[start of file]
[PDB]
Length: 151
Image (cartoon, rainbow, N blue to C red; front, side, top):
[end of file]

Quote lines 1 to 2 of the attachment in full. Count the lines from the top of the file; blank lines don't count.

[PDB]
Length: 151